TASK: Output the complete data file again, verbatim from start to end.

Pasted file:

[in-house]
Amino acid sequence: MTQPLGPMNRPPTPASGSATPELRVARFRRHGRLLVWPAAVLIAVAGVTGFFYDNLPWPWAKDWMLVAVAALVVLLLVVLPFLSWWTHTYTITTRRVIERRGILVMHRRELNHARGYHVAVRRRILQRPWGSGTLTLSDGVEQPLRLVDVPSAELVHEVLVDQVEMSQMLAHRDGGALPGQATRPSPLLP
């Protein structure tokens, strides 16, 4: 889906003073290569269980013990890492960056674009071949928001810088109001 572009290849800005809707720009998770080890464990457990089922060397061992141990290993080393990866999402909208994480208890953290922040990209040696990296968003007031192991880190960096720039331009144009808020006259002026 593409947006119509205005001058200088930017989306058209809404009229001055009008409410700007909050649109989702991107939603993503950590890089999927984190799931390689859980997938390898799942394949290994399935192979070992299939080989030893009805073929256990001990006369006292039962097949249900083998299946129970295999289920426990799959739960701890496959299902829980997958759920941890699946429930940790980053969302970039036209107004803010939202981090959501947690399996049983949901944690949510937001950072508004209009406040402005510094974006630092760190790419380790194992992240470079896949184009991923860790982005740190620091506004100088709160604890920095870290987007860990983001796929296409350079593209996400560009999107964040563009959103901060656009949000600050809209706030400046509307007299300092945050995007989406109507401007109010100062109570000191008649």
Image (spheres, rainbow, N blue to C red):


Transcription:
[in-house]
Amino acid sequence: MTQPLGPMNRPPTPASGSATPELRVARFRRHGRLLVWPAAVLIAVAGVTGFFYDNLPWPWAKDWMLVAVAALVVLLLVVLPFLSWWTHTYTITTRRVIERRGILVMHRRELNHARGYHVAVRRRILQRPWGSGTLTLSDGVEQPLRLVDVPSAELVHEVLVDQVEMSQMLAHRDGGALPGQATRPSPLLP
């Protein structure tokens, strides 16, 4: 889906003073290569269980013990890492960056674009071949928001810088109001 572009290849800005809707720009998770080890464990457990089922060397061992141990290993080393990866999402909208994480208890953290922040990209040696990296968003007031192991880190960096720039331009144009808020006259002026 593409947006119509205005001058200088930017989306058209809404009229001055009008409410700007909050649109989702991107939603993503950590890089999927984190799931390689859980997938390898799942394949290994399935192979070992299939080989030893009805073929256990001990006369006292039962097949249900083998299946129970295999289920426990799959739960701890496959299902829980997958759920941890699946429930940790980053969302970039036209107004803010939202981090959501947690399996049983949901944690949510937001950072508004209009406040402005510094974006630092760190790419380790194992992240470079896949184009991923860790982005740190620091506004100088709160604890920095870290987007860990983001796929296409350079593209996400560009999107964040563009959103901060656009949000600050809209706030400046509307007299300092945050995007989406109507401007109010100062109570000191008649």
Image (spheres, rainbow, N blue to C red):